Children Paying ‘’the highest price’’ in Ongoing Nationwide Crises

Children play in the destroyed rebel-held town of Douma, near Damascus. Children play in the destroyed rebel-held town of Douma, near Damascus. © AFP

February 2018
The violence in the Middle East and North Africa has had devastating consequences on the area’s children, according to UNICEF Regional Director.

Known as “a dark month’’ by Geert Cappelaere, January alone has claimed the lives of at least 83 children, in countries including Iraq, Libya, Palestine, Syria, and Yemen. Children have died from ongoing violence, suicide bombing attacks, or by freezing to death while attempting to escape to freedom.

In Syria, the number of child casualties has only increased through the eight-year-long conflict. At least 59 children have been killed in the past four weeks due to violence in East Ghouta, Damascus, Idlib and Afri, according to UN News Centre.

Those children who have escaped death have still had to face terrible hardships, including violence, homelessness, separation from family, illness, and lack of access to sanitary water and food and medical help. According to UNICEF, 1 in 4 children in the regions of North Africa and the Middle East live in poverty.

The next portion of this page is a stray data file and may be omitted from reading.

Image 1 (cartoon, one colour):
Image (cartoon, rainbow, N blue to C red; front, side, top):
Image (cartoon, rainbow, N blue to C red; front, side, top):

Another major concern for the conflict-impacted children comes from their lack of education. More than 13 million children have been left unable to attend school, most of which are occupied by soldiers or displaced civilians, heavily damaged, or even burned to the ground, according to a 2015 report by UNICEF. Since then, the estimate has only increased.The result is an even greater decrease in opportunities for a better life for the children in the region.

UNICEF has since called for an end to the violence. On January 30, the organization appealed for $3.6 billion, the largest amount in history. The contribution will help the lives of over 27 million children in the Middle East and North Africa region.

Until then, the struggle continues. “Children may have been silenced. But their voices will continue to be heard,’’ Cappelaere said. ‘’Their message is our message: The protection of children is paramount under all circumstances, in line with the law of war.’’


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